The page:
OK, well that's changing the parameters a bit. One trade per year is not really trading is it ? :)
Nevertheless, the maths don't appear to agree with you.
Using my earlier trade numbers:-
Longer term trade - Chances of a 100 point win from one trade is 60%
Short term trade - Chances of 100 points from 10 trades is (60%x60% .....x60%) = 0.36%

Quote "It isn't that system 1 will do less well on average (and in this case the human error part is likely to be much less of a factor) just that in any particular year you will have much more volatile results. "
Quite likely for that example, but not a good sample size really (imo).

Quote "As such system 2 can be seen as "less risky" because your chance of getting average results (rather than catastrophically bad results) is much lower."
Erm - not quite with you again. If your chances of getting average results is lower then isn't that a bad thing ?
As regards catastrophically bad results, presumably from a big hit (?), then it's hard to compare the two. When you are in a trade, however long or short, this could happen to you. It could however be argued that longer term trades spend longer 'in the market' and are therefore more likely to suffer a big hit.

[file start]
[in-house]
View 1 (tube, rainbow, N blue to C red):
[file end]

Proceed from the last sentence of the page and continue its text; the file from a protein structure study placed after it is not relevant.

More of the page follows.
DaveGos
Quote "it seems to me that fewer trades could lead to increased risk because the population of trades is not large enough statistically to deliver the number of wins that systems win probability calls for."
Agreed. I was trying to use examples which could be classed as trading rather than buy-and-hold, so that there was enough opportunity to trade both.

Quote "if your arguing that more trades increases the chance of human error then thats another matter."
OK, so do you think that's true ?

Glenn
 

DaveGos

Active member
100 1
Quote "if your arguing that more trades increases the chance of human error then thats another matter."
OK, so do you think that's true ?

Glenn

Yes I do, some years ago I was involved in designing tests aimed at measuring a specific aspect of cognitive function. The test involved a simple repetetive task involving identifying specific instances of a coloured letter in a stream of rapidly changing coloured letters. We found that a statistically significant problem was that the longer the individual performed the task in one sitting the greater the increase in errors as the task progressed.